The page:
MADISON, Wis.—Self-driving cars, if Google and automakers have their way, would already be on the road — with passengers as guinea pigs and no safety oversight in place.
If that sounds like hyperbole, think again.
High-tech and auto companies clearly prefer to let autonomous cars learn from their mistakes by driving more miles in the real world environment. The sooner those cars hit the road under minimum state and federal safety rules, the better for the corporate bottom line.
Last week during a U.S. Senate hearing, Duke University robotics professor Mary Cummings testified that autonomous cars are “absolutely not ready for widespread deployment.”
The crux of the issue, according to Cummings, is twofold: There is a lack of “principled, evidenced-based tests and evaluations” for autonomous cars, and little leadership from federal regulators to create “a clear certification process” for self-driving cars.
To make matters worse, little information about automakers’ test plans and data is available today for experts to measure the performance of self-driving cars. Put more bluntly, today’s self-driving community is substituting demonstrations for rigorous testing, in Cummings’ opinion.
In an industry and media world accustomed to the excitement among high-tech and auto companies over self-driving cars, Cummings’ statements sound a little ornery.
Cummings, however, assures that as a scientist, she “enthusiastically supports the research, development, and testing of self-driving cars.”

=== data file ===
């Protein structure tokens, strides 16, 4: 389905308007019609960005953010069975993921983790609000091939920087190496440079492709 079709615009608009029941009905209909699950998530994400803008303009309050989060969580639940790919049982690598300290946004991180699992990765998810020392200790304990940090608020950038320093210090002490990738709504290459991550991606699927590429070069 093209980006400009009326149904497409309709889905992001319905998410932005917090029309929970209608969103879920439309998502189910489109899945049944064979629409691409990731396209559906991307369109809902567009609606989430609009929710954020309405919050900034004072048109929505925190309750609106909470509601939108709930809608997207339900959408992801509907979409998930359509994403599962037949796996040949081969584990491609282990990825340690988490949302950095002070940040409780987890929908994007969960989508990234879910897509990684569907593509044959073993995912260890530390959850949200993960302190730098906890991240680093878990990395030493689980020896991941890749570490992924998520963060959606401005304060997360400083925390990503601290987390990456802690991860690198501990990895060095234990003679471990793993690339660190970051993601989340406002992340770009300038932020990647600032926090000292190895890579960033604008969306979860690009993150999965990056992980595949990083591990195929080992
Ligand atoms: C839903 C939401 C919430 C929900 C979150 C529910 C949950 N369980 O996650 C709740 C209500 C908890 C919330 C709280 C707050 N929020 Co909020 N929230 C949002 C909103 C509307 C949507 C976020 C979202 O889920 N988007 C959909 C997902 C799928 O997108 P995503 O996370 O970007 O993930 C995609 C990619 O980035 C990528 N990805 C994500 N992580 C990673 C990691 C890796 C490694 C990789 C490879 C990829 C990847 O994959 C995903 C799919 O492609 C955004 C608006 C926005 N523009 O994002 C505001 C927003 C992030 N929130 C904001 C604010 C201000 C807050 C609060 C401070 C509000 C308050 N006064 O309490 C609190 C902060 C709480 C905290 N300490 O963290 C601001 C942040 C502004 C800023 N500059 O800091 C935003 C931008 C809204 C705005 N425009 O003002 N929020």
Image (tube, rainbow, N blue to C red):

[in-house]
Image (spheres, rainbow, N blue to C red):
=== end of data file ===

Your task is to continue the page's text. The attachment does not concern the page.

In her testimony, she laid out seven “limitations” in current self-driving car technologies – enough to make the public question if the current industry’s rush to deployment of autonomous cars is warranted.
EE Times followed up on Cummings’ testimony by talking to Michael Clamann, senior scientist at Duke, who heads up the university’s driverless car research. Before joining Duke, Clamann was, since 2002, a human factors engineer, supporting government and private clients in domains that included aerospace, defense and telecommunications.
1. Lack of evidence-based tests
In her testimony, Cummings said the self-driving car community is “woefully deficient” in its testing programs, “at least in the dissemination of their test plans and data.” She is concerned about the lack of “principled, evidenced-based tests and evaluations.”
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